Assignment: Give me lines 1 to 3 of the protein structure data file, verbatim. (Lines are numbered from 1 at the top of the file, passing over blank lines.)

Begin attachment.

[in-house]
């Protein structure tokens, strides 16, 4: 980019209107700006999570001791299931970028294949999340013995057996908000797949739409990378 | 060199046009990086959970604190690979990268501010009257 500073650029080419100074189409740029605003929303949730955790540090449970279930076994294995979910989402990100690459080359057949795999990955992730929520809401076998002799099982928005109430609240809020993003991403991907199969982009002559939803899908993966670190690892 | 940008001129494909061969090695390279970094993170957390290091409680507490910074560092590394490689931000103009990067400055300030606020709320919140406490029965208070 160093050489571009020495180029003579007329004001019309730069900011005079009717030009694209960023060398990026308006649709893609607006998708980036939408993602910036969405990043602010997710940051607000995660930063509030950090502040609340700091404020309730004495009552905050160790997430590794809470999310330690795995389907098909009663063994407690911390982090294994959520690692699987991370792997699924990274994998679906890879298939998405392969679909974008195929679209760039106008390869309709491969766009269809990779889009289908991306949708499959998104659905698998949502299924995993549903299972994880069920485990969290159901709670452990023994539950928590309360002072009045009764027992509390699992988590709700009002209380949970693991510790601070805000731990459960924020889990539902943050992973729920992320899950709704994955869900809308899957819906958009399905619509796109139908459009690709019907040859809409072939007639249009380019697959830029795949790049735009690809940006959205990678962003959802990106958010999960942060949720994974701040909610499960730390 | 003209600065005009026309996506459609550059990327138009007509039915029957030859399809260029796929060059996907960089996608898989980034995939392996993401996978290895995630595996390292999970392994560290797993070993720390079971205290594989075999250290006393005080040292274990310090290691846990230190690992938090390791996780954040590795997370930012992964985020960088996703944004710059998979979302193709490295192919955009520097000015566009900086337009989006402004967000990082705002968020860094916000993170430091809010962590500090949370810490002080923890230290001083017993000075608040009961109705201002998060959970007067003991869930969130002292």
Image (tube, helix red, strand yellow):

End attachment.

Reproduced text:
[in-house]
């Protein structure tokens, strides 16, 4: 980019209107700006999570001791299931970028294949999340013995057996908000797949739409990378 | 060199046009990086959970604190690979990268501010009257 500073650029080419100074189409740029605003929303949730955790540090449970279930076994294995979910989402990100690459080359057949795999990955992730929520809401076998002799099982928005109430609240809020993003991403991907199969982009002559939803899908993966670190690892 | 940008001129494909061969090695390279970094993170957390290091409680507490910074560092590394490689931000103009990067400055300030606020709320919140406490029965208070 160093050489571009020495180029003579007329004001019309730069900011005079009717030009694209960023060398990026308006649709893609607006998708980036939408993602910036969405990043602010997710940051607000995660930063509030950090502040609340700091404020309730004495009552905050160790997430590794809470999310330690795995389907098909009663063994407690911390982090294994959520690692699987991370792997699924990274994998679906890879298939998405392969679909974008195929679209760039106008390869309709491969766009269809990779889009289908991306949708499959998104659905698998949502299924995993549903299972994880069920485990969290159901709670452990023994539950928590309360002072009045009764027992509390699992988590709700009002209380949970693991510790601070805000731990459960924020889990539902943050992973729920992320899950709704994955869900809308899957819906958009399905619509796109139908459009690709019907040859809409072939007639249009380019697959830029795949790049735009690809940006959205990678962003959802990106958010999960942060949720994974701040909610499960730390 | 003209600065005009026309996506459609550059990327138009007509039915029957030859399809260029796929060059996907960089996608898989980034995939392996993401996978290895995630595996390292999970392994560290797993070993720390079971205290594989075999250290006393005080040292274990310090290691846990230190690992938090390791996780954040590795997370930012992964985020960088996703944004710059998979979302193709490295192919955009520097000015566009900086337009989006402004967000990082705002968020860094916000993170430091809010962590500090949370810490002080923890230290001083017993000075608040009961109705201002998060959970007067003991869930969130002292």
Image (tube, helix red, strand yellow):